The risk of complications in the “young and otherwise healthy” could be a factor in vaccine priority lists, scientists suggest.
Long-term complications from COVID-19 are likely to put “significant strain” on the NHS in the coming years, as they become increasingly common across all age groups, scientists have warned.
The government’s Scientific Advisory Group for Emergencies (SAGE) said 22% of the people it surveyed still had symptoms five weeks after testing positive for COVID-19.
Out of 9,063 people included in its study, 9.8% had symptoms after 12 weeks.
The most common symptoms at five weeks were fatigue (12.7%), cough (12.4%), headache (11.1%), loss of taste and/or smell (10.4%), and muscle aches (8.8%).
SAGE documents published on Friday also warn of the dangers of “long-COVID” in patients of all ages who are admitted to hospital with the virus.
“Complications and worse functional outcomes in patients admitted to hospital with COVID-19 are high, even in young, previously healthy individuals,” they say.
“While patients under the age of 50 years are at lower risk of mortality, we found high rates of complications across all age groups.”
The scientists suggest that government messaging on the “risk coronavirus poses to younger otherwise healthy people” should be increased.
They also believe the risks of long-COVID on the young should be considered when it comes to priority groups for vaccines.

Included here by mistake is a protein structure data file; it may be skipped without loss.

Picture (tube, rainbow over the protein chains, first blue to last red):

Another SAGE study of 80,388 patients admitted to hospital with the virus between 17 January and 4 August 2020 showed almost half (49.7%) experienced at least one complication.
Complications were most common in men, people aged 30 and over and those with underlying health conditions.
Liver problems were the most common (24.3%), followed by respiratory issues (18.4%) and systemic problems (16.3%).
Patients also suffered cardiovascular issues and a small number (4.3%) experienced neurological complications.
SAGE also stressed that long-term complications of the virus were common across all ethnic groups, as well as age ranges.
It said that while the focus so far has been on mortality rates and whether someone dies of the virus or not, those who survive but suffer debilitating long-term symptoms should now be looked at.
The studies aim to assess the “extent and impact of COVID-19 complications, particularly in those who did not die” in order to “help in the design and provision of services aimed at the post-hospitalisation care of patients”.